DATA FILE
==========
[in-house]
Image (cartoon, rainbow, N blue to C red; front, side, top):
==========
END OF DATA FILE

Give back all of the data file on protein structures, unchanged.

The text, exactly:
[in-house]
Image (cartoon, rainbow, N blue to C red; front, side, top):